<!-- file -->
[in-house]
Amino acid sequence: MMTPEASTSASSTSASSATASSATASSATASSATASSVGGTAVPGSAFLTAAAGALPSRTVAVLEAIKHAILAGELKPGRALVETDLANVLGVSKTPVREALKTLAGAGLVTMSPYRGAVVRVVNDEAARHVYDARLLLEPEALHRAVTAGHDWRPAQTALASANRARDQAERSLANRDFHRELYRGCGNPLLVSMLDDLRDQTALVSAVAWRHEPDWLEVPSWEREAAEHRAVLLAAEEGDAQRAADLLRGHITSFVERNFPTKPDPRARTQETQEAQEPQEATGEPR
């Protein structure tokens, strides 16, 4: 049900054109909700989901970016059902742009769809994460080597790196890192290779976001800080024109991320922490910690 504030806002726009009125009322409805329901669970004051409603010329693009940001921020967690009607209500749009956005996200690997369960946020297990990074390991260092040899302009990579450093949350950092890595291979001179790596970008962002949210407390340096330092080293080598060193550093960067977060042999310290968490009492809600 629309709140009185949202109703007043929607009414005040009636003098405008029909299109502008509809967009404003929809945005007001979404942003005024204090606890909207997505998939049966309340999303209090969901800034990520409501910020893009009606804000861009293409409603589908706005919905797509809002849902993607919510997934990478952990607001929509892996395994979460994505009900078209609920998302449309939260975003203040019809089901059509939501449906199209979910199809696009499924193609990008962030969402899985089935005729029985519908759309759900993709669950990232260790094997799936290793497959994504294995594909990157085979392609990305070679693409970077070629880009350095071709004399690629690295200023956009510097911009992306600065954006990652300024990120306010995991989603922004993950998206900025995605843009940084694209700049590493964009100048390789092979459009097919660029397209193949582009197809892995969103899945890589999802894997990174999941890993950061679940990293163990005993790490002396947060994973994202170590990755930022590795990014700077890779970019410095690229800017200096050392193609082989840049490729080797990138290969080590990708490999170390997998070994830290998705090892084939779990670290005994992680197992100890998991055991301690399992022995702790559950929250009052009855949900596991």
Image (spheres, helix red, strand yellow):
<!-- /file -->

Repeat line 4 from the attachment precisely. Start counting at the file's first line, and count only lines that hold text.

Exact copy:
Image (spheres, helix red, strand yellow):